There’s a lot of great woodworking information out there on the Internet. It seems as if every woodworking magazine, television show and product manufacturer has a web site jammed to the gills with great tips, how-to’s and background. (Click on the images for larger versions)
But, what if you also want some entertainment while you learn?
Enter The Wood Whisperer. Young, up and coming Arizona based woodworker Marc Spagnuolo runs a web site featuring a dynamic blend of solid advice, sound techniques and a unique, quirky style of humor.
While Marc’s Internet outreach represents the cutting edge of interactive woodworking education, his journey into woodworking began while watching his stepfather tackle a kitchen remodel and a living room addition in their New Jersey home. After a while, Marc soon found himself making his first cuts and swinging a hammer at his side. And, as a self-confessed tool drooler, he was into each of his dad’s tools. “It’s funny. He used to yell at me for not putting his tools away. These days, I’m the one who cringes watching him use my tools!”
After moving into his own home outside of San Diego, Marc started doing the handyman thing himself, turning his house into his own California Dream. Watching the transformation of raw materials into finished projects proved too fascinating for Marc, and the carpenter inside him quickly turned into a woodworker.
While developing his skills, Marc got hooked on David Marks’ show Woodworks on the DIY Network. Soon, his amateur woodworking methods began to become more refined, and Marc took the first step toward becoming a master of the craft.
At a woodworking show, Marc met David Marks and scheduled a class with him in his Santa Rosa, California shop. “What struck me about David was his unwavering love of woodworking. It was inspirational to see a man who, after woodworking for decades, still spoke about woodworking with a passion that I had never seen before.” After spending a few days with David, Marc realized he could learn a great deal more. Shortly after his class, Marc approached David about a short-term apprenticeship. David accepted, and a few months later, Marc was at David’s shop,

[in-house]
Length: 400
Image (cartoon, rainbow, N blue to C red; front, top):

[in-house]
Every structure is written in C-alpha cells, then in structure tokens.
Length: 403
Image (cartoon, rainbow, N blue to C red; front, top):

Marc learned the intricacies of freehand inlay, marquetry, power-carving and veneering. The pair completed several projects, most notably a hollowed 400 pound redwood burl that is still on display at a California winery.
It was shortly after his internship that Marc knew what he wanted to do for a living, and left the biotech industry that he had worked hard to enter. In 2003, Marc and his wife Nicole left California and moved to their new home in a suburb of Phoenix, Arizona. That’s when he established Marc’s Wood Creations, where he builds custom projects and runs the Wood Whisperer website out of his shop
Marc’s philosophy is simple when it comes to commissioned pieces. “I want to build the best possible piece I can within the budget. I want every piece I sign my name to to be an heirloom quality piece that will certainly outlast my lifetime.” One of the most challenging projects Marc undertook was building an entire book store’s worth of book cases for a small Christian bookstore in Phoenix. While this might be a production style job for most woodworkers, Marc takes the time to carefully craft each piece to ensure that each case is as perfect as it can be.